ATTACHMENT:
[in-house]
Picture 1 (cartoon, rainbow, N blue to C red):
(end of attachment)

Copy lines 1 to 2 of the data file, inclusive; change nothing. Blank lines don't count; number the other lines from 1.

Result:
[in-house]
Picture 1 (cartoon, rainbow, N blue to C red):